Tuesday, 20 October 2009

Freedom of Oppressive Speech

Controversy is not a subject all too often associated with the BBC. Oh hang on, let me start again. Controversy didn't used to be a subject often associated with the BBC. In recent years we've had the Blue Peter competition scandal, queries into wages and expenses, Arlene Phillips getting the heave ho and of course who could forget Russel Brand and Jonathan Ross insulting an OAP on Radio 2? With all that recent baggage you'd think that the powers that Beeb would want to avoid upsetting anyone. And you'd be wrong.

Tonight Nick Griffin, the leader of the British National Party, will appear on the Beeb's longstanding debate show, Question Time. The BBC line is that he shall be afforded the same open forum as other political (or quasi political) figures to debate the matters of the day in front of a live and interactive studio audience. But will the matters of the day actually be the main topic of debate or will the whole show turn into a circus surrounding the political policies and beliefs Mr Griffen peddles.

In his defence I must protest that it is all too easy to simply label the BNP as a bunch of racist nutters without actually looking into the party and their policies. It doesn't take a lot of research to come to confirm the very same conclusion, but there are a number of things about the BNP that don't get as much publicity. They plan to:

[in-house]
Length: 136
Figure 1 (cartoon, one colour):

- Leave Europe, but maintain freedom of trade.
- Devolve power away from London and empower local councils.
- Leave NATO and kick out any foreign armed forces based in the UK.
- Provide a free and fully funded NHS (for 'Britons').

So not all their policies are based around kicking out immigrants, but do they have the political and cerebal clout to handle complex economic policies?

There is a fascinating 8 months or so leading up to the general election in the battle over the cigarette paper between the Tories and Labour. The incendiary side show will be provided by Nick Griffin and his associates. There are a number of factors that concern me greatly when considering the BNP and Mr Griffin, not least the hostorical parallels that can be drawn between credit-crunch britain and conutries that have elected extreme right-wing governments. It's a fascinating topic that I beleive will gain momentum as we near the general election and will be the main topic of this blog until the election results are in.